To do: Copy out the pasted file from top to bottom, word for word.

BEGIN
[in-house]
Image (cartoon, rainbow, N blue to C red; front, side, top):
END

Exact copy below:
[in-house]
Image (cartoon, rainbow, N blue to C red; front, side, top):